Shirlee Geiger on PCC Faculty Learning Asessment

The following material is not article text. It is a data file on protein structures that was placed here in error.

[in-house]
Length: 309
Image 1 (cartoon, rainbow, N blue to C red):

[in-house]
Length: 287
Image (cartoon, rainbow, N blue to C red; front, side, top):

SHIRLEE GEIGER: Hello, my name is Shirlee Geiger, and I…I’m talking to you today in my capacity as chair of the Faculty Learning Assessment Council This is a council that was set up in 2008 by Sylvia Gray The leadership of the council rotates through faculty members here at PCC, so I have been the chair [in] 2010 and 2011 I’m here to tell you my story, the story of how I came to be very excited about assessment, and a part of setting up this class, this hybrid class on program or discipline assessment at PCC My story starts in the Fall of 2008 There I was, happily an adjunct faculty member teaching philosophy Sylvia Gray had agreed to head up the newly organized Learning Assessment Council, and she asked me to participate to give adjunct faculty input I had been very happy to never join any committees at PCC I thought that was part of the joy of being adjunct But I liked Sylvia a lot And I had a friend, a very good friend, who was a 3rd grade teacher in the Portland public school system, and I had been hearing from her for several years now about how the No Child Left Behind act had ruined her fun Indeed, she took early retirement because she was so disgusted with how she believed the No Child Left Behind act had ruined education in America today So, the accountability movement that’s what the Learning Assessment Council was formed to respond to…the accountability movement, I translated into No Child Left Behind comes to a college or university near you Indeed, in the late 90s there was a report from a commission it’s called the Spellings Commission Report that was extending the requirements for accountability to higher education The commission suggested, strongly, that colleges and universities in the United States needed to measure outcomes to compare the value they were adding into students’ lives And I was thinking that that was going to ruin my fun as a teacher at PCC the way it had ruined my friend’s fun as a 3rd grade teacher So I just wanted to be prepared for what was coming down the turnpike Now that first year on the assessment council, we were charged with a year of inquiry, a year of study, and I must say that much of the first part of that year, I was sullen, cynical, bitter and defended But a few things happened to shift my thinking, and I want to share them with you today The first shift in my thinking came from reading a short piece called “The Assessment Manifesto” by Rick Stiggins You will have a link to this in the hybrid class Now, I’m a person who came of age in the 1970s, and an assessment manifesto, well, “manifesto” is sort of my genre So this short, energetic piece was the first thing I read in a pile of reading about assessment that really spun me around One of the things Rick Stiggins said in “The Assessment Manifesto” is every teacher has a kind of picture or theory of grading They have a picture of assessment, and it’s often times not articulated Well, of course as soon as he said that, I had to articulate my theory of assessment, my theory of grading, and here it is in a nutshell: I viewed grading as the least fun part of teaching philosophy, and I wanted to do my very best to make sure the requirement that I turn in grades at the end of a quarter not mess up my fun or the students’ learning But on the other hand, I had an audience in mind when I was grading When I was recording those A’s and B’s and C’s and occasional D’s over my shoulder I had an imaginary colleague, a member of my SAC, and I kept in mind that at some shadowy point in the future someone, some colleague, might ask me to justify my grades So my audience was that potential colleague who was questioning my professional judgment So that is how I approached grading Now, Rick Stiggins had a different theory of grading, a different model of grading And his first big distinction had to do with the audience: who is the assessing for? Stiggins ways the first, and indeed the most important, audience of assessment information has to be the student That is, the student needs to be able to allocate him or herself